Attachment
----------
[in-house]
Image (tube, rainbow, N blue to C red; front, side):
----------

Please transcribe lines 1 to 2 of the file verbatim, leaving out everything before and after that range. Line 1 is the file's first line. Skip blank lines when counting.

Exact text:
[in-house]
Image (tube, rainbow, N blue to C red; front, side):